Advocate Veerash Srikison emphasises the importance of couples in customary marriages understanding what makes their union legally recognised.
When the Recognition of Customary Marriages Act (RCMA) became law on 15 November 2000, it gave full legal recognition to customary marriages of the indigenous African people of South Africa. Even those involved in an existing valid marriage under customary law before this date had their marriage recognised under this new law. It is important to note that this Act now states the rules that people getting married under customary law must follow in order for their marriage to be recognised. In terms of Section 4 of the Act, a customary marriage is recognised if the following requirements are complied with:
- Both parties to the marriage must be over the age of 18 years and have consented to the marriage.
- If both or either of the spouses are/is a minor, child’s parent or guardian must consent to the customary marriage.
- The marriage must be negotiated, celebrated and entered into in accordance with customary law.
Lobola is not a necessary requirement for legal recognition of the customary marriage. If paid, it proves that the marriage was negotiated in accordance to custom, but it does not automatically make the marriage valid in the eyes of the law.
REGISTRATION OF THE CUSTOMARY MARRIAGE
Either spouse may request a registration of the marriage and must do so within three months of the marriage. The registration can only take place if the following people, once they have completed the necessary forms and declarations, are present at any office of the Department of Home Affairs, or through a designated traditional leader in areas where there are no Home Affairs offices:
- The two spouses, with copies of their valid identity books and a lobola agreement, if available.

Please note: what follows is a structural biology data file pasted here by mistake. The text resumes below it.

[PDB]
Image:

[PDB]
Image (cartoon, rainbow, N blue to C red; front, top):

- At least one witness and/or representative each from the groom’s family and the bride’s family.
In the event that the spouses were minors (or one was a minor) at the time of the customary marriage, the parents should also be present when the request to register the marriage is made. Even though not registering the customary marriage does not invalidate the marriage where there is one husband and one wife, it does invalidate the marriage if the husband is marrying a second wife after this Act was passed into legislation, that is, after 15 November 2000.
The registration of a customary marriage also plays an important role when a spouse dies and proof is required that a customary union did indeed take place for the surviving spouse, and possibly his/her children, to claim benefits from the deceased’s estate, especially where the claim of the customary marriage is disputed by the deceased spouse’s family.
THE LEGAL STATUS OF A CUSTOMARY MARRIAGE
All customary marriages where there is one husband and one wife are in community of property. If the parties want to be married out of community of property, they will have to enter into an ante-nuptial contract before getting married. If they want to change to a marriage out of community of property after they are already married, they will have to apply to the High Court. If the husband has no other wives, the couple can get married under civil law as well as customary law. However, neither of them will be able to enter into customary marriages with anyone else while they are married to each other under civil law.
If the husband wants to marry another wife he must enter into a written agreement or contract, which will state what should happen to the property and he must apply to the court to approve the written contract. The court has to make sure that the property interests of all the wives are protected. Should a couple want to divorce from each other they must approach a court of law and show that the marriage has broken down beyond the point of reconciliation. The court will also decide on the contact and care of the children based on the best interests of the children and not who paid the lobola.